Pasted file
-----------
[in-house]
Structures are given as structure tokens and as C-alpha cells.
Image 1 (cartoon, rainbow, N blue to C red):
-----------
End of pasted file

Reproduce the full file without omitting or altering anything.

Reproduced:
[in-house]
Structures are given as structure tokens and as C-alpha cells.
Image 1 (cartoon, rainbow, N blue to C red):